Adolescents have a different sleep pattern than young children and adults. These patterns are affected by biological changes adolescents undergo during puberty, which make them fall asleep later at night and sleep later in the morning. Sleepiness is induced by the hormone melatonin, which, in the teen body is secreted about 11 p.m. and remains in the system until about 8 a.m. It is difficult, therefore, for teens to fall asleep before 11 p.m. Teens consistently need between 8.5 and 9.25 hours of sleep per night. Without adequate rest due to early school start times, adolescents are subject to early morning drowsiness, which affects their performance and behavior in school.
Scientific literature contains much research showing the advantages to adolescents getting adequate sleep. Besides having an effect on learning, adequate sleep also positively influences attendance and productivity in the first two class periods and reduces after-school idle time. Experience in school districts which have moved to later start times for middle and high school students indicates this change alone provides for more sleep for adolescents.
The LWVMPC acknowledges that, along with the many advantages to a later school start time for middle and high school students, there are other considerations that need to be addressed. These include student transportation, family schedules, and after-school activities. The LWVMPC feels that the benefits to a later school start time for middle and high school students outweigh the detriments.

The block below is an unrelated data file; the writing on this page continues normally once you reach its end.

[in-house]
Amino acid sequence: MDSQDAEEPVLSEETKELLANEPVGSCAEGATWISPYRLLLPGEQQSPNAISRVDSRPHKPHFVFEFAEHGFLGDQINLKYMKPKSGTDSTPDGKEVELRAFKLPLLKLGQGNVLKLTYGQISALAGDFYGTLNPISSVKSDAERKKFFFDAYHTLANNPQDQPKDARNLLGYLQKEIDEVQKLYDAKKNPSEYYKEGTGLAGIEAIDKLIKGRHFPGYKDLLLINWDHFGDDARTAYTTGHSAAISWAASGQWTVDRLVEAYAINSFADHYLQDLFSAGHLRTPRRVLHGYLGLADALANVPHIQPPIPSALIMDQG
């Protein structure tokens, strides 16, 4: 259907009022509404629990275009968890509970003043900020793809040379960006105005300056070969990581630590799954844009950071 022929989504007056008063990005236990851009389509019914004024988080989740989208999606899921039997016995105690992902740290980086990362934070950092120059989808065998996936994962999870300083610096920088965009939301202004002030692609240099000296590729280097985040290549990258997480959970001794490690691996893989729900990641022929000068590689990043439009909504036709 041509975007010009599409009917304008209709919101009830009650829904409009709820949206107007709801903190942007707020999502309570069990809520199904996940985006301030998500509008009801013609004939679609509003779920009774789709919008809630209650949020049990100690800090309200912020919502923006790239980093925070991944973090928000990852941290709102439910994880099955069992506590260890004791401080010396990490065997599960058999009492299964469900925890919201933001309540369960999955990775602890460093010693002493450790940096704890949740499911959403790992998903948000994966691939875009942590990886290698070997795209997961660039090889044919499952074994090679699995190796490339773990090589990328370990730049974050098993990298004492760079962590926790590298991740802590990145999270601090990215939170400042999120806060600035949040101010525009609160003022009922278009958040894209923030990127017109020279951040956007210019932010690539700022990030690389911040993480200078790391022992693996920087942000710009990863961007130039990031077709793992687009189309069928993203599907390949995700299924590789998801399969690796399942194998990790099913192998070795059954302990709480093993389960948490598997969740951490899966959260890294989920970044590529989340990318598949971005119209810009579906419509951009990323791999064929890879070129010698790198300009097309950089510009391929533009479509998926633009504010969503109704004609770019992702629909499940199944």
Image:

Recognizing that changing to a later school start time for middle and high school students may result in an earlier school start time for elementary school students, LWVMPC encourages the Salem-Keizer School District to study in more detail a later school start time for middle and high school students. Such study must involve parents at all levels, students, school district representatives and community groups, including the League of Women Voters.
Specifically, the School Board should:
1. Be involved in direct, regular, cooperative planning effort among city/county governments, especially in the early stages of planning;
2. Address both under-enrollment and over-enrollment, planning for them before they occur;
3. Review at least annually student population trends;
4. Work with developers and city/county planners to develop a policy addressing school site identification;
5. Send a representative to testify during the subdivision approval process regarding impact on schools (or earlier, in order to have effective input);
6. Ensure public input in the development of growth policies;
7. Establish standards and procedures that are firmly and consistently enforced.
Members of the League find these alternatives acceptable for dealing with the pressures of growth (the alternatives are not listed in order of preference):
1. On a long range basis:
The League supports a greater emphasis on intramural sports, with a goal of 100% participation. In order to open up more opportunities for student participation, intramurals should receive a higher priority than interscholastic athletics. The League feels there is a definite place for athletics, but not at the expense of intramurals.
The League supports a greater emphasis on individual sports, providing a balance with team sports.
We support the need for more P.E. facilities, particularly at the elementary level, and the need to equalize use of the present facilities at the secondary level.
We support and encourage the District's compliance with state and federal anti-discrimination requirements.